Listening to music is like bending time. The you who claims the memories associated with the music, and the you of right here right now, meet in the notes and the places between the notes. Live music is one of the most awe-inducing experiences that I can welcome into my life. Becoming absorbed in music is akin to those moments deep in meditation when I feel absorbed in the divine.
Last year, in my 40th summer of life, I was fortunate enough to go on a retrospective of sorts. Each concert looped me back to a time in my life when that artist played a part in my healing. It began with Dave Matthews Band.
When I was in undergrad, I had bouts of depression. I almost failed out of freshman year because there were days and days that I couldn’t get out of bed. Dave Matthews Band was one of the few things that could lift me out of this state. The glory of the violin, amazing drums, saxophone, and heartfelt singing would jiggle my brain and heart and pull me up out of the darkness. As I watched the show with my husband, I felt so grateful for how the band’s creativity helped me not to succumb to dark thoughts. It was as if 40-year-old me reached back in time to 21-year-old me to thank her for not giving up, and to thank the divine in the form of music for lifting me up.
A few weeks later, I went to see Sarah McLachlan play. She sang deep cuts from her album Fumbling Toward Ecstasy, which I credit with helping me figure out how to be alone with myself. That album broke me of my need to always have someone else around or to have something to do. Her voice settled a restlessness in me, and through my attention on her songs, I learned to just be with myself. The divine in the form of her voice whispered, there’s nothing to run from, just be.
Weezer was next up on the concert list. Growing up pretty sheltered in upstate New York, I didn’t get out much, but a friend from my church had a band that I was allowed to go and see. They did a cover of “Say it Ain’t So” that made my eyes brighten with joy. As I listened to Weezer sing all of my favorite songs from the blue album, I was reminded of how much 17-year-old me yearned for experiences of life that seemed so far away. I remembered that part of me that wanted to make my own decisions, my own triumphs, and my own mistakes. The divine in the form of those songs was like a placeholder for those later years when I would start to become the architect of my own life.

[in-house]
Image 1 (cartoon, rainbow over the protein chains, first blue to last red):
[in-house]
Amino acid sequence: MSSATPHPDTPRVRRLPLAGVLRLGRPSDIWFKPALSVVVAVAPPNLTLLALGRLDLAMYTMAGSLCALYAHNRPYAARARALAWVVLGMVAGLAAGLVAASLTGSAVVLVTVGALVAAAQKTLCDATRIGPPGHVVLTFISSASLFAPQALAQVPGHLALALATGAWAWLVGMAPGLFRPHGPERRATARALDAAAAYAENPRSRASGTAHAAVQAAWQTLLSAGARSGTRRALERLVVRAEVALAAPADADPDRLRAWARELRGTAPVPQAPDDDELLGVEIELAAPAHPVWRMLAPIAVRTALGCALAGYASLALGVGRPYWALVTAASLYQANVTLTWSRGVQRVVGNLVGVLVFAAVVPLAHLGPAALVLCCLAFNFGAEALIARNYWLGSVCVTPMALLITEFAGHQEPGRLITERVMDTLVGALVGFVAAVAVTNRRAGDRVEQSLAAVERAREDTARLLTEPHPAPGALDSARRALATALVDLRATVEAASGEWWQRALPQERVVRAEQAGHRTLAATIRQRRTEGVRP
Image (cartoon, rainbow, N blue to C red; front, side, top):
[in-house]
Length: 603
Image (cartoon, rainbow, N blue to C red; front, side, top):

I was fortunate, the following month, to enjoy two nights of Radiohead. Their music spans my whole life, from high school to today. The crooning of Thom Yorke’s voice brought me back to so many pivotal moments of my life, from relationships beginning and ending, to buying my first house, to starting at the company I’ve now been at for 10 years. There was a moment when the entire stadium was listening so intently that you could’ve heard a pin drop. I’ve never experienced such silence in the presence of thousands of people. Between the poignancy of his voice, the stark beauty of the music, and the artistry of the light show, I marveled at what it is to be human, the exquisite gift of being alive, and power of music to bring thousands of people into a state of resonance.
The summer ended with an impromptu trip with a friend to see the Counting Crows. The genius of Adam Duritz’s voice is his ability to elicit joy and sadness at the same time. When they played “A Long December,” I was reminded of how listening to that song over and over taught me that I could hold two seemingly opposite emotions at once, and that I could just be with those feelings rather than having to do something with them. As I closed out the summer dancing to the same music that I had my freshman year, I had a chance to marvel at the mixture of luck, good choices, and divine guidance that has resulted in a life (so far) well lived. I felt gratitude to the divine in the form of music, offering guidance and support in ways that has always been easy for me to receive. I imagined all of the other people in the world who are also awe-struck and deeply touched by music.
The divine speaks to each of us in so many ways.
Are you listening?
Nicole Taylor has been dedicated to supporting individuals in their personal transformation and growth for more than 10 years. Using a blend of meditation, yoga, mind/body awareness, and Ayurvedic techniques, Nicole facilitates transformative workshops on self-care. She is the author of the book A Joyful Pause: 52 Ways to Love Life.